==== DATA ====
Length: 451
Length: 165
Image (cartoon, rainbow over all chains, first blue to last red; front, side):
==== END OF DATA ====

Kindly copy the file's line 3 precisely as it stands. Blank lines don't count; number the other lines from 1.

Image (cartoon, rainbow over all chains, first blue to last red; front, side):